'rlock in the morning, every day, with only one ex-
ception, the period spent in 1912 on a vacation travel,
when he traveled throughout Europe and the Holy Land,
visiting his mother in Jerusalem. Mr. Stolaroff" has a
life membership in the Elks Club of El Paso, is a Mason
with thirty-two degrees of the Scottish Eite, and a
member of the Mystic Shrine; also a member of the
Maccabees and one of the founders of the Jewish Syna-
gogue at El Paso. Both socially and in business circles
there is no citizen of El Paso who enjoys more thorough
respect and esteem than Mr. Stolaroff.

He delights in his home and family, and is said to
possess one of the finest and largest private libraries in
this city. In this modern world, when men are so ab-
sorbed in business activities, it is a pleasure to eon-
template the life of a man whose own energies have
been so persistently directed to business, and yet who
has found time and opportunity amid the many dis-
tracting cares of business life to devote hours to study
and the wholesome recreation furnished by books.

Mr. Stolaroff was married in his native city in Russia
on November 1, 1888, to Miss Sarah Schnarzbord. They
are properly proud of their fine family of four children,
whose names and positions are briefly mentioned as fol-
lows: Annie, who is a graduate of the Institute of
Musical Art of New Y'ork City with the class of 1910,
and an accomplished young lady is a leader in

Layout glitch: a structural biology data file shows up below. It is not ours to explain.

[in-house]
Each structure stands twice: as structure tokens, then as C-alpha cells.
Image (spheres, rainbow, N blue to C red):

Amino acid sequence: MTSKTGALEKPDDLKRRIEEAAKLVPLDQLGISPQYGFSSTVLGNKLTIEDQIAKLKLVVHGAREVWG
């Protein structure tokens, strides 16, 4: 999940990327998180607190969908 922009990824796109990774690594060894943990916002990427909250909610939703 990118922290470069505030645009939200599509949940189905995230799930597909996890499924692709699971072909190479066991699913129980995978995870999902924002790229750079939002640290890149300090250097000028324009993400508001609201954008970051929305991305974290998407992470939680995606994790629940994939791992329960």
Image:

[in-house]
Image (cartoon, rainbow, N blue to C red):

El Paso society; Mary, who graduated from the El Paso
High School and the State Normal at San Marcos,
Texas, is also an accomplished musician, and is now the
wife of Harry Hyman, of Waco; Rose is a graduate of
the Stat« Normal and now a student in the University
of Texas, at Austin, she having graduated from the



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Normal College at the age of seventeen ; Solomon, the
only son, is now a student in the eighth grade of the
El Paso public schools.



Le Baron. Texas in the eyes of George
E. Le Baron, of El Paso, is certainly the land for young
men. He is barely thirty and is ranked among the live
and successful business men of that city. He is filled
with the modern spirit of progress and with the en-
thusiasm which belongs to young men has handled his
real estate business in such a way as to merit and win
the admiration and respect of his business associates.
Wath the solid foundation of real value which the real
estate business in Texas, or at least in the section in
which he operates, is built upon, Mr. Le Baron, with
the use of energy, good advertising, a thorough knowl-
edge of the field, and tireless attention to business, has
been the cause of considerable exchange of property,
with the resultant benefits to the city.

George E. Le Baron was born in Pensaeola, Florida,
on the 2.5th of October, 1881. 'He passed an uneventful
boyhood, except that his ambition always urged him to
get out into the world and accomplish something. He
received his elementary education in the public schools
of Pensaeola, but he had to leave school as a young
boy. Feeling that he would never make anything of
himself with so scanty an education, he went to work
and earned the money to go through St. Barnard's
School, at Cullman, Alabama, and also to take a special
course at this school. He later had a course in Eock
Hill College, in Baltimore, Maryland. Upon leaving
school he returned to his home in Florida and found
employment in a small real estate office in Pensaeola.
He remained here until he was twenty years of age,
when he went to Alabama and entered the iron and